For now, Cozart is still Reds’ shortstop

Reds shortstop Zack Cozart, 31, understands he might be the next Cincinnati veteran on the trading block. (AP Photo/Mark J. Terrill)

Reds shortstop Zack Cozart, 31, understands he might be the next Cincinnati veteran on the trading block. (AP Photo/Mark J. Terrill)

By Gary Schatz

Associated Press

GOODYEAR, Ariz. – Shortstop Zack Cozart expected to be manning the middle of the Cincinnati Reds’ infield with veteran Brandon Phillips for a sixth straight season. Instead, the second baseman has been traded, and Cozart knows he could be next.

The Reds sent Phillips to Atlanta for a couple of pitchers last week, their latest move in a two-year rebuilding program. Cozart is among the few veterans who haven’t been traded away. At age 31, he knows he’s not part of Cincinnati’s long-term future and he could be gone as soon as another team needs a shortstop.

Cozart, who played at Ole Miss, thought there was a good chance he’d be dealt in the offseason.

“It was a tough market for shortstops,” Cozart said. “I was surprised to see Brandon traded.”

Since hosting the All-Star Game in 2015, the Reds have traded Johnny Cueto, Mike Leake, Marlon Byrd, Todd Frazier, Aroldis Chapman, Jay Bruce and Phillips. First baseman Joey Votto’s big contract prevents him from being dealt.

General manager Dick Williams listened to offers for Cozart during the offseason. The shortstop avoided arbitration by agreeing to a one-year deal for $5,325,000.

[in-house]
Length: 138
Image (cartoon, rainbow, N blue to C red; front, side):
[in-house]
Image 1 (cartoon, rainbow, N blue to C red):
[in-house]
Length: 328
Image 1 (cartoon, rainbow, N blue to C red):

“I’ve learned that a high percentage of the trades you work on don’t get done,” Williams said Thursday. “Zack has a very affordable contract. He fits in our lineup well and our organization.”

‘Crazy’ turnover

It’s been difficult for Cozart to watch his teammates get jettisoned at such a pace.

“It is crazy to think how much turnover there’s been,” Cozart said. “The unknown is the hardest part to deal with, when your name comes up in trade talks. It’s weird. Your family and friends keep asking but you don’t know anything other than what you hear or read about it.”

Cozart tore two ligaments and a tendon in his right knee while running out a ground ball midway through the 2015 season. He returned last year but was limited to 121 games because of soreness in the knee. He batted .252 with 28 doubles, a career-high 16 homers and 50 RBIs.

Cozart said the knee finally feels normal.

“It is 100 percent for the first time since the surgery,” said Cozart, who discarded a brace he wore last year. “There wasn’t a day I felt good last season.”

Cozart is known more for his defense, which manager Bryan Price sees as extremely valuable for the team’s young pitchers.

“Zack’s an awesome player, a necessary piece,” Price said. “Pitchers want to have hitters put the ball in play and trust the guys around him. If he’s swinging the bat well or he’s scuffling, he always brings his defense.”

The Reds are ready to start seeing what they got from their trades.

“The major work is finished,” Williams said. “Turnover is a natural part of the process. We are deep in pitching but, it’s young pitching.”

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